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 Posted:   Jun 25, 2013 - 5:50 PM   
 By:   dan the man   (Member)

Can't agree[I know you were being sarcastic] if I could put up with the stuff on the radio all those years I surely can put up with film music, but sometimes I fall asleep listening to classical music[don't we all], Which reminds me of that classic CHEERS episode where FRAISER, tries to get everybody to appreciate opera, so one night everybody goes to a opera. It starts with Fraiser smiling hoping everybody will enjoy the opera. Next scene you see the whole gang sound asleep INCLUDING FRAISER HIMSELF] while the opera is still on . one of the funniest scenes in sitcom history to me because it is so TRUE.

 
 Posted:   Jun 25, 2013 - 7:40 PM   
 By:   DavidCoscina   (Member)

Can't agree[I know you were being sarcastic] if I could put up with the stuff on the radio all those years I surely can put up with film music, but sometimes I fall asleep listening to classical music[don't we all], Which reminds me of that classic CHEERS episode where FRAISER, tries to get everybody to appreciate opera, so one night everybody goes to a opera. It starts with Fraiser smiling hoping everybody will enjoy the opera. Next scene you see the whole gang sound asleep INCLUDING FRAISER HIMSELF] while the opera is still on . one of the funniest scenes in sitcom history to me because it is so TRUE.

Depends on the classical music. If you fall asleep to Varese's Arcana or Crumb's Black Angels (parts were used in The Exorcist) you are one scary son of a bitch. Prokofiev's Third Symphony first mvmt is a demonic tour de force along with the third mvmt. And the first mvmt of Shostakovich's 10th Symphony should be all rights knock the listener on their ass.

Now if you are talking about music from the Classical era of western music history I won't argue with you. I find most of it rather boring with a surprisingly limited harmonic vocabulary (which is odd considering Bach preceded composers of that era and wrote some astonishingly beautiful and complex pieces.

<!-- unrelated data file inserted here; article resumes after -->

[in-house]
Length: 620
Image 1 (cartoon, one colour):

Posted:   Jun 25, 2013 - 8:24 PM   
 By:   Erik Woods   (Member)


Nope but I should star eh?my friend Erik Woods doesn't live too far away and has a wonderful beer collection. Erik, can I come over?


Any time my friend! Any time!

-Erik-

 
 
 Posted:   Jun 26, 2013 - 1:33 AM   
 By:   McMillan & Husband   (Member)

Fortunately for me I quite enjoy things that suck. wink

 
 Posted:   Jun 26, 2013 - 4:17 AM   
 By:   DavidCoscina   (Member)

What I find interesting after reading over the responses to my admittedly provocative OP is the dichotomy of their tone. Half of them were defensive verbal counter attacks while others were more concerned and inquisitive about why I would post something like I did. Just goes to show that there's a lot of different types of people that populate this forum.

 
 
 Posted:   Jun 26, 2013 - 4:23 AM   
 By:   pp312   (Member)

And the first mvmt of Shostakovich's 10th Symphony should be all rights knock the listener on their ass.

So what does the 2nd movement do? Blow him out the door and up the street?

 
 Posted:   Jun 26, 2013 - 4:49 AM   
 By:   OnlyGoodMusic   (Member)

The vast majority of film scores "suck" to the extent that they don't stand on their own as pure listening experiences, mostly because the actual musical content is often severely limited or of poor quality. Defenders of this kind of stuff (say, John Carpenter's Halloween) usually claim that film music isn't meant to be listened to independently, and thus need not be good music. Or they claim that one's man's crap is another man's pure gold. Interestingly, only the "fans" of music that fails as pure music usually use that line of argument. They won't admit to guilty pleasures either, because no one wants to acknowledge that their favorite music is of low aesthetic and/or technical quality.

Well then, why are we here discussion film music in the first place?

Once film music is separated from the visuals and put on an album, it develops a life of its own.Only mostly, it doesn't, because it's deficient in the way described above. It's either derivative or repetitious (an added problem with today's overlong releases) or merely flat, often a combination of all three. Often it aspires to find the lowest common denominator (à la Hans Zimmer), so that it will appeal to a lot of people who can't tell good music from bad. Or don't want to, because it makes them feel better. Not thinking about things will make you a happier person.